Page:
In 1936, Cristobal Balenciaga opened a fashion house in Paris, after fleeing the Spanish civil war; within a couple of seasons he had raised fashion to the level of art.
Christian Dior called Balenciaga 'the master of us all', while Coco Chanel claimed that he alone was 'a couturier in the truest sense of the word ...the others are simply fashion designers'.
In the Fifties he revolutionised women's silhouette, experimenting with the semi-fitted shape, the sack dress, the cocoon and the babydoll.
His innovative designs were famously easy to wear, with one diplomat's wife quipping that she could play golf in her Balenciaga gown.
In the Sixties, despite the waning power of couture, he created some of his most imaginative clothes, culminating in the bold, fluid lines of his last two collections.
Always something of an enigma, he preferred to let his clothes speak for themselves. Vogue, the international fashion bible, has charted the careers of designers through the decades. Its unique archive of photographs, taken by the leading photographers of the day from Cecil Beaton to Mario Testino, and original illustrations, together with its stable of highly respected fashion writers, make Vogue the most authoritative and prestigious source of reference on fashion.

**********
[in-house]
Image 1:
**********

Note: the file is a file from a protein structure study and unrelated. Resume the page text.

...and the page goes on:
With a circulation of over 160,000 and a readership of over 1,400,000, no brand is better positioned to present a library on the great fashion designers of the modern age.